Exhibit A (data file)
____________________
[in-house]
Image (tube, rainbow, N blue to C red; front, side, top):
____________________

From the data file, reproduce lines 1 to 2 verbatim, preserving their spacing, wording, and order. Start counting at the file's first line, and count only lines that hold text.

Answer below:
[in-house]
Image (tube, rainbow, N blue to C red; front, side, top):